Easiest way to make a living being a furniture maker is to marry a neurosurgeon.
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#19
  Re: Doucette and Wolfe Furniture Makers by hbmcc (The following as poi...)
(09-13-2017, 03:08 PM)Steve Friedman Wrote: Bruce,

I didn't have a chance to respond sooner, but that video and the online magazine were excellent.  It was so hand tool intense, that I was surprised to see him use a power mortiser.  But, I went back and saw him use other power tools to prep the stock.  Still incredible work. I can't imagine how anyone can make a living using hand tools.  I can't even imagine how many hours that must have taken.

Very cool to see him use the L-N #9 like that.  I always assumed it was just for shooting boards, but I guess not.

I was impressed.

The online magazine was also excellent.   I had never even heard of it, so thanks for posting.

Steve

Steve, I think the amount of hand tool work that goes into one of his pieces may be deceptive. The thing is all he is showing is hand tool work. He isn't showing you all the cross cuts and rips and tenons he cuts on the table saw or running material through the jointer and planer. It doesn't have the romantic appeal that hand tool work does. The fact is almost all good reproduction furniture makers are going to work very similarly to the way he does. If you come to my shop you will see the same exact thing. There are just a lot of details on period pieces that can only be faithfully reproduced using hand tools. After you do it enough you become very efficient working in a hybrid manor so to speak. in this day and age making a living using only hand tools is just about impossible unless of course your wife is in fact a neurosurgeon.
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#20
  Re: Doucette and Wolfe Furniture Makers by hbmcc (The following as poi...)
I think we underestimate the mechanical work done a couple centuries ago; likewise, currently. My high-nuts opinions:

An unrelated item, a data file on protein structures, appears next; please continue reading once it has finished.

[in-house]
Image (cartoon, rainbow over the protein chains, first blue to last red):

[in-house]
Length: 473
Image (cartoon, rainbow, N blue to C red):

Machinery is wonderful at repetition and single function process. However, the more investment there is in machinery, the more work a shop needs to reproduce. (That is "re-produce".) And, no matter how unique a piece is, it still looks like "Ethan Allen" machinery shop and spray room product when it is rolled out on the showroom floor. Nothing drives the image of mass production better than a dozen clones in different colors and wood species to choose from in a "handmade" furniture store. Even Wally-World has only one display model of the full pallet of sawdust board tables in the backroom.

Right now, smaller shop makers advertising handmade goods are riding the "made in America" logo and mass producing things more durable than those being spit out in "slave labor" Asian factories.  

To elevate one's self above mass production, the final surfaces must appear to be handmade. Hence, Wolfe, or Doucette, goes over everything with a hand tool to introduce human miss-perfection. I just hope he final hand-finishes atrocious spray booth spray paint.  And, because the furniture is one, or more, of a thousand copies made over at least 200 years, he needn't worry about the one-off bloopers fashion police of fabric body decoration love to display duplicates of in Look and True Lies (whatever pulp litters checkout stands and doctor offices).

Enough. Stop.
Bruce